The Berkeley Packet Filter (BPF) started (article 1992) as a special-purpose virtual machine (register based filter evaluator) for filtering network packets, best known for its use in tcpdump. It is documented in the kernel tree, in the first part of: Documentation/networking/filter.txt
The extended BPF (eBPF) variant has become a universal in-kernel virtual machine, that has hooks all over the kernel. The eBPF instruction set is quite different, see description in section “BPF kernel internals” of Documentation/networking/filter.txt or look at this presentation by Alexei.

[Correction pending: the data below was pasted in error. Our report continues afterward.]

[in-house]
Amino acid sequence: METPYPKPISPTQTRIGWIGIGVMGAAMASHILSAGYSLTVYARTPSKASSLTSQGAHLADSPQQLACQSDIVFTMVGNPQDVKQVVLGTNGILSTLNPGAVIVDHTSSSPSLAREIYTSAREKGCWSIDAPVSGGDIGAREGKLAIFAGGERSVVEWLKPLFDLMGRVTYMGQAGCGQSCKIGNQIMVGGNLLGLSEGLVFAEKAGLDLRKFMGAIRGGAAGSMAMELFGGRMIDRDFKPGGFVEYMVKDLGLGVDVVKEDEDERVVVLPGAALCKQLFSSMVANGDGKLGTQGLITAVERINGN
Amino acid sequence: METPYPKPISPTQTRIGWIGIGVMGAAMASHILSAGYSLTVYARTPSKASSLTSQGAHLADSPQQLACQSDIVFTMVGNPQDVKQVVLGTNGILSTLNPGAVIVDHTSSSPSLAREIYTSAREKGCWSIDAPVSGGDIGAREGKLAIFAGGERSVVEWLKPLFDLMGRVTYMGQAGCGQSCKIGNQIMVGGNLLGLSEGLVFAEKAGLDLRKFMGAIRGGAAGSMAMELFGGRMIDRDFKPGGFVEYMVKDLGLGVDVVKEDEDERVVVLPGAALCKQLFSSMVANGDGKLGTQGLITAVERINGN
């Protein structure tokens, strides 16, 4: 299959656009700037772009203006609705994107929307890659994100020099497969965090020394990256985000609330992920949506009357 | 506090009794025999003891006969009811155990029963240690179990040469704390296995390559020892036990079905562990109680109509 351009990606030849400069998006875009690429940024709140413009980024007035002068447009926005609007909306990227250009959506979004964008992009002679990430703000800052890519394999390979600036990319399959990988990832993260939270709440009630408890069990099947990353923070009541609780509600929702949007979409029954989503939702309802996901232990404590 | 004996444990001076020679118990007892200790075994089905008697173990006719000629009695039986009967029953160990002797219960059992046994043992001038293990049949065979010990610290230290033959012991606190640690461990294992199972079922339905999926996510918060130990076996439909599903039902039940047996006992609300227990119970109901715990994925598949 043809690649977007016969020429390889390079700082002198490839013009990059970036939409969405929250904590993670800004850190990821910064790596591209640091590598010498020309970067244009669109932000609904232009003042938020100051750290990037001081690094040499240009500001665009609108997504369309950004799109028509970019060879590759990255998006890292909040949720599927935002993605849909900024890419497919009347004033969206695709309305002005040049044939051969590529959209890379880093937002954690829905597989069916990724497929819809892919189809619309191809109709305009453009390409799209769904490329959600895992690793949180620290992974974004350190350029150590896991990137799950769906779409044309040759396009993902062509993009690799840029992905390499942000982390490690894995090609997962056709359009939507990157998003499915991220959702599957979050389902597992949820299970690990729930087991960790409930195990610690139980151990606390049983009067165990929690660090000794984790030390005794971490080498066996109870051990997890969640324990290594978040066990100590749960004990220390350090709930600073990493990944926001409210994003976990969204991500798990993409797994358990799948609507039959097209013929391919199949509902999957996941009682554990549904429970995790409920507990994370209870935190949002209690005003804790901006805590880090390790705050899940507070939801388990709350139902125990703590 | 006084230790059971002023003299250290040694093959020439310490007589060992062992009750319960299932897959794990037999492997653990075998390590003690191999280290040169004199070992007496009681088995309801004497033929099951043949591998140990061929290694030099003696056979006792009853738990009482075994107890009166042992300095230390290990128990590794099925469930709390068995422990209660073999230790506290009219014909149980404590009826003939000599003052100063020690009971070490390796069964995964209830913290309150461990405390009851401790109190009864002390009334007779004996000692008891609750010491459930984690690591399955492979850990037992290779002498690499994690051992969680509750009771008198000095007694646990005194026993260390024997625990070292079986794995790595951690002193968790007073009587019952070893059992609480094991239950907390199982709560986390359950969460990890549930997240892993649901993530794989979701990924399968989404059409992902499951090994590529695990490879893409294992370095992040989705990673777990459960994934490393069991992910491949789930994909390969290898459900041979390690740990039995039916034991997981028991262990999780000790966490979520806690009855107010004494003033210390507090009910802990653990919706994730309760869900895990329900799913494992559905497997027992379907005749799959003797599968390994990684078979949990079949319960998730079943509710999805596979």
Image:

eBPF enables programmers to write code which gets executed in kernel space in a more secure and restricted environment. Yet this environment enables them to create tools which otherwise would require writing a new kernel module.
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